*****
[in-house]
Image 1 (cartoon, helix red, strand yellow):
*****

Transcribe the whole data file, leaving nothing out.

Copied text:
[in-house]
Image 1 (cartoon, helix red, strand yellow):